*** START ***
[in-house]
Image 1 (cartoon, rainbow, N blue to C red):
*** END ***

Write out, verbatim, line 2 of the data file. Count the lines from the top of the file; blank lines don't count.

Image 1 (cartoon, rainbow, N blue to C red):